Keywords:Atacama Desert, oxygen isotopes, carbon isotopes, travertine, paleoclimate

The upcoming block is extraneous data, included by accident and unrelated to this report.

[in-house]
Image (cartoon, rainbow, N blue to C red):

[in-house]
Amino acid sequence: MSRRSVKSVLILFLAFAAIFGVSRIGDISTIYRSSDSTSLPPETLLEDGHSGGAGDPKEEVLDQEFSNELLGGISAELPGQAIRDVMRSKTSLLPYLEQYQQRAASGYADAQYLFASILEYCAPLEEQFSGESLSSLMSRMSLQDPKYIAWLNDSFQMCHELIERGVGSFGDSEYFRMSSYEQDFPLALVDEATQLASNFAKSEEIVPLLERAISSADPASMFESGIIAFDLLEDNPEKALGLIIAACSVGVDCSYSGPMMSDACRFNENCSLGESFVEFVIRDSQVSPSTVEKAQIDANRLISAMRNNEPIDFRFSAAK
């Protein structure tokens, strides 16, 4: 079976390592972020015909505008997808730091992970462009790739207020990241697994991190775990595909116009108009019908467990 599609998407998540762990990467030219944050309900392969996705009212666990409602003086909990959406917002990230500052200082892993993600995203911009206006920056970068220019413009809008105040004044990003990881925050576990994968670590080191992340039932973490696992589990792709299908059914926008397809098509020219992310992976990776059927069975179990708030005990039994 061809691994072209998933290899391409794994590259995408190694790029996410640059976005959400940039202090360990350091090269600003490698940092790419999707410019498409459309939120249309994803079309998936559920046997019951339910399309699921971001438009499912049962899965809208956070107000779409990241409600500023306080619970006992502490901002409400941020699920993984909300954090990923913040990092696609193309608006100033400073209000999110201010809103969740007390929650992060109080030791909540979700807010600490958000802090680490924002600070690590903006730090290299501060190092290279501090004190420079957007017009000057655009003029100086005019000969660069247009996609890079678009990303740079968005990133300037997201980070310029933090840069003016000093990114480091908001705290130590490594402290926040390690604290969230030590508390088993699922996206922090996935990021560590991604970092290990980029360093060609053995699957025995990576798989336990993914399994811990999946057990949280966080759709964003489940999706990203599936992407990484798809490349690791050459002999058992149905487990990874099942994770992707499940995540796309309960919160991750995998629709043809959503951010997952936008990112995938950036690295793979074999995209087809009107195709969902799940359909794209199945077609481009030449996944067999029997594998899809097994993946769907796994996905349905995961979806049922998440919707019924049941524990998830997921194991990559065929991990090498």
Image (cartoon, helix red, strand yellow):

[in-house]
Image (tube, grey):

Here we survey the potential of spring-related, surface and sub-surface carbonates as an archive of paleoenvironmental change at Barrancas Blancas, located in the broadest and driest sector of the Atacama at 24°S in Chile. From these deposits we present a new stable isotopic record of paleoenvironmental conditions over portions of the past ~11.5 Ma. U-Pb dates from the carbonates, both surface and sub-surface, demonstrate that springs have discharged at this location over much of the last 11.5 Ma, attesting to the exceptional geomorphic stability of the central Atacama. Many of the sampled vein systems line vertical fissures, and formed within the aquifer before ground water discharged at the surface. Carbonates in such circumstances should not undergo off-gassing and kinetic fractionation prior to formation, simplifying the interpretation of their isotopic composition. Oxygen isotopic compositions of carbonates are genrally high (>-1‰VPDB), and using paleospring water temperatures reconstructed from clumped isotopes, point to strongly (up to 20-30%) evaporated water oxygen isotope values, like those associated with hyperarid conditions in recharge areas today. Carbon isotopic compositions are also high (≥ +3‰ PDB) reflecting a recharge area essentially devoid of plants and dominated by volcanic CO2, as is the case today. Our isotopic results are very similar to those from the Calama Basin to the north, suggesting that the western face of the Andes between 21-25°S has been highly evaporative and plantless for much of the last 11.5 Ma. The spring carbonates at Barrancas Blancas strongly resemble those found at Devils Hole and Furnace Creek in Death Valley, USA, and as such warrant further exploration as potential archives of climate change.